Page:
"... whether other physical activities should be stopped ... I walk for a couple of hours every day ( including run days) and I'm thinking this additional activity may be contributing to an un-enjoyable run (either that or I'm just not cut out to be an effective runner)"

2. Non-walking activities are GREAT and you should absolutely continue them - but be careful not to do too much, especially if running is your focus and priority for you. And... walking for a couple hours a day on your run day maybe making you a bit tired. On run day, I'd scale that back a bit. On non-running days.... fill your boots!

"Finally, any advice on what and when I should be eating and drinking on a run day, that could help improve my performance."

Nothing in particular - unless it's just a mouthful or a nibble, just make sure you aren't eating and drinking in the hour before you run. It really isn't complicated, trust me.

Hope that helps.

Wigsy profile image
Wigsy in reply to John_W

Thanks for you reply John, it really helpful. You, along with others, have helped me to decide to not walk on a run day ( or walk after the run). I'm hoping this will help.

I asked the food question because I tend to, say have a sandwich at 12.30 and then nothing else until after my run (run at 6). I can't walk efficiently after eating food, hence no food until after run but was thinking maybe the no food gap was too long.

John_W profile image
John_WAmbassador in reply to Wigsy

Walking on a run a day is fine, just don't overdo it - everything in moderation! And walking AFTER your run is a perfect way to cool/warm-down from it. But again, doing a 1 hour brisk walk might be over doing it. Just be sensible.

Food: That's quite a big time gap between sandwich at 12:30 and then running at 6pm. I suggest a snack between 3 and 4pm. Make sure you have something to drink as well - a cup or glass of whatever will be fine.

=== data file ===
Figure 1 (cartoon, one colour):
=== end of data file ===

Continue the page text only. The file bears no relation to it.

Nightingale62 profile image

Hi Wigsy I think lots of people run because they know it is good for them. I am one of those. I always feel great after a run but sometimes it is hard to motivate myself. I never look forward to a run! Once I am home am always pleased I went though.

Put your running kit on and tell yourself you will run for 10minutes then come home. Most of the time you will carry on and run further.

If you are doing lots of walking maybe not run on those days. Perhaps you are just tired from your walk and need to chill for rest of the day.

Don't be so hard on yourself!

Wigsy profile image
Wigsy in reply to Nightingale62

Thanks for your encouraging words. Feedback from this forum is so useful and helps you to change what you think you should, in my case stop walking on a run day!

Rayblade900 profile image

Hi Wigsy. This post was 8 months ago, so hopefully by now you may have a different view and getting easier? 😀Lots of so many helpful comments on this thread and good to hear we're not alone.

I started the program at the tail end of Jan this year. It was cold, dark and very hard to motivate myself. I didn't enjoy running and found the longer runs so physically challenging I thought I wouldn't complete it... but I did. I've only started to look forward to my runs 7 months after starting C25K. Yes, it's still physically demanding, but that's good as now benefitting from it. I have to have a goal. Signed up for Race For Life in Oct and the Rob Burrow story keeps me focused. I don't get that elation or buzz post run due to suffering with depression.

All that said, we keep on going.

Well done.